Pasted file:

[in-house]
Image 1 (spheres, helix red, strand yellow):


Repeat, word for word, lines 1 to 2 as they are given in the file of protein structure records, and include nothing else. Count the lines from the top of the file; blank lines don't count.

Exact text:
[in-house]
Image 1 (spheres, helix red, strand yellow):